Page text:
Sunday, March 09, 2014

Apple of the eye

When I had the opportunity to give a "Lay Stewardship Homily" at Holy Apostles four and a half years ago, I had a chance to reflect publicly on the pleasure of being a Lector. Not just pleasure. Here's what I said:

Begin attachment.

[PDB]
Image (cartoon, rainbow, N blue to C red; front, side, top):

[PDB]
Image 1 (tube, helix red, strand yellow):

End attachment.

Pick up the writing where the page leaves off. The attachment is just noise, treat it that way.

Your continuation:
I had no idea how different [than being a professor] lectoring would be until I tried it. Not to be grandiose about it, but it filled me with fear and trembling (especially when I got to read the passage in Philippians where those words appear, "fear and trembling"!). In being a lector you have a totally different relationship to the text than you do as a teacher—even if you’re a teacher who sometimes takes people through passages from the Bible, or through Biblically formed texts like, say, Kierkegaard’s Fear and Trembling. As a lector you don’t get to choose the piece of scripture you’re reading. You don’t introduce or contextualize it, you don’t paraphrase, you don’t interpret it. Sure, in reading it aloud you are interpreting it. But I found as I prepared that I was trying to do something different: to let the text speak, to let it say more things than I knew were in it. (We all know that scripture says different things to different people, and even to the same person at different times.) As a lector I try to make the text significant, relevant, available; the purpose isn’t to commend my interpretation of it. (Often—I can say this here!—I don’t know what I’m reading. The more times I read it, and read it aloud, the less I understand. And I admit I’ve had a hard time with some of the texts I’ve been given, like the insistence that not one Egyptian survived the closing of the Red Sea over Pharoah’s army, not one.) But even then, I’m trying to be there for the reading, to give it voice, make it available. It’s a humbling, but also exciting experience.